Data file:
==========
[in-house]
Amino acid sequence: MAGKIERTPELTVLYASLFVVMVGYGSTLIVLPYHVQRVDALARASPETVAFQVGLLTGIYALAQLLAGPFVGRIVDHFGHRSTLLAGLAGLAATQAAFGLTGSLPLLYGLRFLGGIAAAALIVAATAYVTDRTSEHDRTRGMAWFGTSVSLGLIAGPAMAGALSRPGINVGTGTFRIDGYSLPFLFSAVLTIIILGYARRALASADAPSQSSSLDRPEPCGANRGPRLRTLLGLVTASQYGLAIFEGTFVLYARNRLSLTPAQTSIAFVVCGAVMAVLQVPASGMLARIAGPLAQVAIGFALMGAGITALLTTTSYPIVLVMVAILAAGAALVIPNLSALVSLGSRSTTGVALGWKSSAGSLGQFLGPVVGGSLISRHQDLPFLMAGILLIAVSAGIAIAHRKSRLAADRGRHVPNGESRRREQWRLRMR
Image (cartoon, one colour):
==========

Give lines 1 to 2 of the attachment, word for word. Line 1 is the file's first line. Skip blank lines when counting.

[in-house]
Amino acid sequence: MAGKIERTPELTVLYASLFVVMVGYGSTLIVLPYHVQRVDALARASPETVAFQVGLLTGIYALAQLLAGPFVGRIVDHFGHRSTLLAGLAGLAATQAAFGLTGSLPLLYGLRFLGGIAAAALIVAATAYVTDRTSEHDRTRGMAWFGTSVSLGLIAGPAMAGALSRPGINVGTGTFRIDGYSLPFLFSAVLTIIILGYARRALASADAPSQSSSLDRPEPCGANRGPRLRTLLGLVTASQYGLAIFEGTFVLYARNRLSLTPAQTSIAFVVCGAVMAVLQVPASGMLARIAGPLAQVAIGFALMGAGITALLTTTSYPIVLVMVAILAAGAALVIPNLSALVSLGSRSTTGVALGWKSSAGSLGQFLGPVVGGSLISRHQDLPFLMAGILLIAVSAGIAIAHRKSRLAADRGRHVPNGESRRREQWRLRMR